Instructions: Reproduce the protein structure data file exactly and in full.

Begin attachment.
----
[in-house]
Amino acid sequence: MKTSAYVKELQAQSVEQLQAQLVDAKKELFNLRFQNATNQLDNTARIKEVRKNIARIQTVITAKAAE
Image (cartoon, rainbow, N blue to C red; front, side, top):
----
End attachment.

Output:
[in-house]
Amino acid sequence: MKTSAYVKELQAQSVEQLQAQLVDAKKELFNLRFQNATNQLDNTARIKEVRKNIARIQTVITAKAAE
Image (cartoon, rainbow, N blue to C red; front, side, top):